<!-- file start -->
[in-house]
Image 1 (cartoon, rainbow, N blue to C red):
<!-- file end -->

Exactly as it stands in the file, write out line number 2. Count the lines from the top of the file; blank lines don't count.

Image 1 (cartoon, rainbow, N blue to C red):